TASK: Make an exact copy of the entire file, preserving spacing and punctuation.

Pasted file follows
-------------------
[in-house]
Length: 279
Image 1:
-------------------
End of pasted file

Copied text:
[in-house]
Length: 279
Image 1: